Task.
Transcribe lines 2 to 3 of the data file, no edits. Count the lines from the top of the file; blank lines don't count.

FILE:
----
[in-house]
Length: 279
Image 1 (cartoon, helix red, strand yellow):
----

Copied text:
Length: 279
Image 1 (cartoon, helix red, strand yellow):